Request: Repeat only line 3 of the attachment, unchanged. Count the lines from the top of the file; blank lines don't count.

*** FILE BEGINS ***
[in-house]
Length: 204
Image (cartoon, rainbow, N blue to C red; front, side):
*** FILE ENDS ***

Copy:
Image (cartoon, rainbow, N blue to C red; front, side):